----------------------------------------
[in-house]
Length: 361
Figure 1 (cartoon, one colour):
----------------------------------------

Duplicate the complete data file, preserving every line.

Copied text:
[in-house]
Length: 361
Figure 1 (cartoon, one colour):